The ten starting players will be as follows:
- Stephen Curry, Golden State Warriors
- James Harden, Houston Rockets
- Kawhi Leonard, San Antonio Spurs
- Kevin Durant, Golden State Warriors
- Anthony Davis, New Orleans Pelicans
- Kyrie Irving, Cleveland Cavaliers
- DeMar DeRozan, Toronto Raptors
- Jimmy Butler, Chicago Bulls
- LeBron James, Cleveland Cavaliers
- Giannis Antetokounmpo, Milwaukee Bucks
One of the biggest controversies following the announcement will surely be the absence of Oklahoma City point guard Russell Westbrook, who is in the MVP discussion but will not be a starter in the Western Conference.
Westbrook is bound to be a reserve but will start the All-Star Game on the bench despite averaging a triple-double this season. His 30.6 points (a league-high), 10.4 assists, and 10.6 rebounds per game have helped him lead the NBA with a 29.56 player efficiency rating, according to ESPN.com.
If Westbrook finished the season with the numbers he has put up to this point in the year, he would be the first player to finish a season averaging a triple-double since Oscar Robertson did it in 1961-62.
Harden has been the other player in the perennial MVP conversation this season, so it makes sense that he is starting, but it may have made more sense to start Westbrook and Harden alongside each other.
Curry is averaging 24.6 points, 6.1 assists, and 4.2 rebounds per game; All-Star worthy numbers, but numbers that don’t surpass Westbrook’s phenomenal season.
What set Curry apart from Westbrook is the fact that he led the “fan vote” in the Western Conference and, fair or unfair, the fans were responsible for 50 percent of the vote in determining this year’s starters. Players made up 25 percent and media members made up the other 25 percent.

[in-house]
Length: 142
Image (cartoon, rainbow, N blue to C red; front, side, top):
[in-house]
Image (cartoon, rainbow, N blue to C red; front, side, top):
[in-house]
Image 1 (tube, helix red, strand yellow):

Harden, who finished second among Western Conference guards in the fan vote, is fewer than two rebounds per game shy of averaging a triple-double himself this season.
The rest of the All-Star starters out West (Leonard, Durant, and Davis) were no-brainers, although this was Davis’ first time being named a starter.
In the East, Irving and James are the only ones in the starting five that have been named a starter before.
Butler and DeRozan have been named reserves before, but superb years and some help from the fan vote gave them each well-deserved starting roles.
Antetokounmpo will be playing in his first All-Star Game all together, but a breakout season made it nearly impossible to leave him out of the starting five.
The 22-year-old is averaging 23.7 points, 8.7 rebounds, 5.6 assists, 2.1 blocks, and 1.8 steals per game, leading the Bucks in each category.
Boston point guard Isaiah Thomas, who is scoring 28.7 points per game including a league-high 10.1 in the fourth quarter, made a strong case to start in this year’s Game, but he will most likely be a reserve this year.
The same can be said about Sacramento’s DeMarcus Cousins, whose 28.0 points and 10.1 rebounds per game were only a hair short of Davis’ numbers.
The 66th NBA All-Star Game will be played on Sunday, Feb. 19, in New Orleans at the Smoothie King Center.